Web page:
Five Ways NOT to Ask For a Recommendation Letter (or Reference)

Posted June 12, 2013 by

Rec letterApplication packages for college and graduate school often require a formal letter of recommendation from professional contacts who can attest to your readiness, work ethic, and intellectual talents. And when your formal education is complete and you’re making your way up the career ladder, references will play a strong role in your ability to win over potential employers and earn their trust.

But references and recommendation letters are not always easy things to ask for, and they can come with some inconvenience to the person you want in your corner. So how can you overcome your aversion to asking for favors, put your shyness aside, show the respect your mentors deserve, and get the backing you need to get ahead?

The answer will depend on your relationship with the person, of course. But regardless of the close, warm friendship or cool, formal respect you have for each other, here are five ways NOT to approach your target.

In a Hurry

Don’t assault your mentor or boss while she’s racing down the hall from one meeting to the next. And never state your needs in a way that leaves your mentor no room to say no. Nobody likes to be ambushed, so place your request in an email, schedule a formal appointment to sit down with her in her office, or approach her when she’s in a position to give you her full attention.

On Short Notice

It’s best to give your mentor a deadline of at least a month to provide the favor you’re asking for. Two weeks is the minimum time frame necessary for diplomacy (and a likely positive outcome). And “Can you have this ready for me by tomorrow?” is unacceptable.

As a Demand

Never tell someone what to do when you’re also asking that person for a favor. And when it comes to bosses and mentors, be very careful with demands of any kind. Frame your request politely and respectfully, acknowledge the person’s right to say no, and thank him no matter what response he gives you.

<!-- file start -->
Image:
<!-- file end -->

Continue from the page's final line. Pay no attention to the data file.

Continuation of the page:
With an Unclear set of Expectations in Mind

If you’re asking someone to do something for you, be very clear with that person about what you want and make sure you provide her with all the tools, information, and resources she’ll need. And offer these things—don’t wait for her to ask. Your current or former boss should be handed a clear list of your major accomplishments and the projects you completed while you worked for her. A professor writing you a recommendation letter will need a similar list of your most important projects, best papers, and the contributions you made to class discussions. Both parties should be given clear deadlines and mailing addresses (if applicable). In either case, you can always offer to write the text of the letter yourself and simply have the person review and sign it.

With No Intent to Follow Through

Be ready to take several additional steps after your receive confirmation and support. First, thank your mentor clearly, and do so in writing. A small handwritten card is a nice gesture. You may want to thank the person immediately after they agree to support you, and then thank them again after your reference is in hand.

Second, keep the person in the loop as you continue your job search or graduate program application process. Let her know the outcome of the application she helped you with, and when you do ultimately gain admission to your program or land the job of your dreams, send her the good news and let her know that her support played a key role in your success.

LiveCareer (, home to America’s #1 Resume Builder, connects job seekers of all experience levels and career categories to all the tools, resources, and insider tips needed to win the job. You can connect with us on our website or social networks for even more tips and advice on all things career and resume-related.

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